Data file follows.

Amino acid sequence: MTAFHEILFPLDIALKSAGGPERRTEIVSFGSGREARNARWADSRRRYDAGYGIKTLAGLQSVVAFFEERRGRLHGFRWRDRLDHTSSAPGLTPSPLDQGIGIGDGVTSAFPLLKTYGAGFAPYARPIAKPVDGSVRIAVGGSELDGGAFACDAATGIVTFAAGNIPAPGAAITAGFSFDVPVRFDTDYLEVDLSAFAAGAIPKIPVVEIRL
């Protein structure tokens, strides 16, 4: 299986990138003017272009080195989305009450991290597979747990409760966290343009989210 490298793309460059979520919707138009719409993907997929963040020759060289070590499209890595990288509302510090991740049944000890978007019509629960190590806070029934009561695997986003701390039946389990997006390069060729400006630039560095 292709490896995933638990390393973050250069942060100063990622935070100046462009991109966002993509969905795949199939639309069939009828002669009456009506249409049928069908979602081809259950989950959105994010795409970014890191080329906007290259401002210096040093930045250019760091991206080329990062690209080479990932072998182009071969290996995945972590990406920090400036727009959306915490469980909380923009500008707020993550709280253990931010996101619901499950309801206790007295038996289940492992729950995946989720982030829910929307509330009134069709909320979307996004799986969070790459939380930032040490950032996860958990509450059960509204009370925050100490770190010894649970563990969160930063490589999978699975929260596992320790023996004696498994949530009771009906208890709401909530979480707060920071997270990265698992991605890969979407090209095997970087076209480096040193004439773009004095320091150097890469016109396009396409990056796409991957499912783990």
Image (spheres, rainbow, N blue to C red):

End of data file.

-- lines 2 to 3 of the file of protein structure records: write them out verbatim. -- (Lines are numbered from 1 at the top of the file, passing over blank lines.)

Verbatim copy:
């Protein structure tokens, strides 16, 4: 299986990138003017272009080195989305009450991290597979747990409760966290343009989210 490298793309460059979520919707138009719409993907997929963040020759060289070590499209890595990288509302510090991740049944000890978007019509629960190590806070029934009561695997986003701390039946389990997006390069060729400006630039560095 292709490896995933638990390393973050250069942060100063990622935070100046462009991109966002993509969905795949199939639309069939009828002669009456009506249409049928069908979602081809259950989950959105994010795409970014890191080329906007290259401002210096040093930045250019760091991206080329990062690209080479990932072998182009071969290996995945972590990406920090400036727009959306915490469980909380923009500008707020993550709280253990931010996101619901499950309801206790007295038996289940492992729950995946989720982030829910929307509330009134069709909320979307996004799986969070790459939380930032040490950032996860958990509450059960509204009370925050100490770190010894649970563990969160930063490589999978699975929260596992320790023996004696498994949530009771009906208890709401909530979480707060920071997270990265698992991605890969979407090209095997970087076209480096040193004439773009004095320091150097890469016109396009396409990056796409991957499912783990």
Image (spheres, rainbow, N blue to C red):